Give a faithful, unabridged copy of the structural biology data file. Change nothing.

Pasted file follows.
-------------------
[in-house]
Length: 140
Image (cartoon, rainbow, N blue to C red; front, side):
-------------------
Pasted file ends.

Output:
[in-house]
Length: 140
Image (cartoon, rainbow, N blue to C red; front, side):